A collaboration between Johns Hopkins University and the science safety company UL has led to an important discovery: computers are superior to animal models in detecting toxic chemicals.
Not only is the software more effective than animal testing in predicting chemical toxicity, it is also quicker and less expensive than traditional animal tests.
Over 100,000 chemicals are found in consumer products and medications, and for most, little is known about their toxicity. To overcome this gap in knowledge, researchers at Johns Hopkins created a database of toxicity studies and collaborated with UL to expand the database to include over 70 million chemical structures with tens of thousands of additional biological and animal data points.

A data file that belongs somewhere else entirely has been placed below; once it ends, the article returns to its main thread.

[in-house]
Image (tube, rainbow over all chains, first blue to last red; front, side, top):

The software developed by UL can use this existing information to predict the toxicity of untested chemicals by quickly finding chemicals with similar properties from the database, as they may have similar effects on human health and the environment. Using this approach, toxicity results were reproducible in up to 84% of cases, and the software was able to identify 92% of toxic substances, outperforming animal testing in both cases.
According to UL President of Supply Chain and Sustainability Carlos Correia, “Though we have to wait for a formal validation, this finding signals the beginning of the end to animal testing, starting with these very common acute effects.”
Dr. Thomas Hartung, Chair for Evidence-based Toxicology at Johns Hopkins University, also sees the extraordinary value of the technology.
“Nothing is as strong as an idea whose time has come,” notes Hartung. “This promises to make half of animal testing for safety superfluous.”
Some U.S. agencies have already started using the software. We look forward to the potential this technology will have on reducing animal use for the detection of toxic chemicals.
Source: “Computers outperform lab rats in detecting toxic chemicals,” EurekAlert, February 16, 2018